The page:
Bumper UK pay rises could be a thing of the past as inflation eases | Economics #Bumper #pay #rises #inflation #eases #Economics

Workers in the UK achieved a fifth month of inflation-busting wage rises in October, but bumper pay rises could be a thing of the past, according to the Office for National Statistics.

The average wage increase without bonuses was 7.3% in October, down from 7.8% in the latest ONS data.

Wage growth including bonuses fell to 7.2% from 8% – a bigger drop than the fall to 7.7% forecast by economists – indicating that a run of one-off payments in the public and private sectors that helped ease the pain of high energy bills have passed into history.

These increases still meant earnings outpaced inflation, which stood at 4.6% in October. We need to go back to June to find a month when headline consumer inflation outpace wage growth.

It could be argued that if the trend continues, shop prices could also continue to rise at a rate above the central bank’s 2% inflation target throughout 2024 and 2025 as firms look to pass on higher wage costs and also maintain their profit margins.

Uk pay growth chart

There is a concern among many Bank of England officials that without stronger signals from employers that the high cost of borrowing is causing them problems and making them think twice about offering historically high pay rises, the central bank should maintain interest rates at 5.25% through at least next year and possibly the next.

The financial markets don’t see it that way. Investors are more focused on how average wages grew at a slower rate in the year to October than expected by a poll of City economists.

Investors are betting that the drop in average wages towards the Bank of England’s forecast of 7.2% by the end of the year will hasten a first rate cut, possibly bringing it forward to some time in the second quarter of next year.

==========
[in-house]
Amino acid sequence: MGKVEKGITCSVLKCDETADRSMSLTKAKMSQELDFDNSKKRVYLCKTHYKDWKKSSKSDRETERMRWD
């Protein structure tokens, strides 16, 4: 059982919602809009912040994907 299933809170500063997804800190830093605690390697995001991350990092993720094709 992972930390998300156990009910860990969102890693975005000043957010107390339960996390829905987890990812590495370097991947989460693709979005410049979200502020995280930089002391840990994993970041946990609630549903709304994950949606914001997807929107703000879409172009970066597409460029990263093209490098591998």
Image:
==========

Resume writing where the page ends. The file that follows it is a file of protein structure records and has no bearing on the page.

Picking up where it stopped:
Strikingly, average weekly earnings excluding bonuses fell by 0.3% month onmonth in October, well below the 0.6% average increase in the first nine months of 2023.

A drop in the vacancy rate in October also fuelled speculation of a rate cut. The Bank has cited figures showing the high number of vacancies over the past two years as a strong indication of a tight labour market and a reason for keeping interest rates high.

Martin Beck, the chief economic adviser to the EY Item Club, said he expected “attention to increasingly turn to rate cuts in the new year”.

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The rhetoric of “higher for longer”, which has almost become a mantra inside Threadneedle Street, will be jettisoned in favour of speculation about the timing of a first rate cut, especially if wages fall and unemployment rises in the new year, Beck said.

Samuel Tombs, the chief UK economist at Pantheon Macroeconomics, said the Bank’s monetary policy committee could begin to bring down rates as early as May next year.

However, Jack Kennedy, the senior economist at the jobs site Indeed, said regular pay growth remained “very high” and “wage growth remains one of the key metrics for Bank of England rate setters”.

Until recently, the highest average pay rises could be found in the City and the business services sector, covering areas such as accountancy and the legal profession.

A drop in the average pay increase from 9.8% in the summer to 8.3% in October, may seem modest, but it could indicate that a boom in the financial services sector over the past two years is coming to an end, and with it the high cost of borrowing.

#Bumper #pay #rises #inflation #eases #Economics

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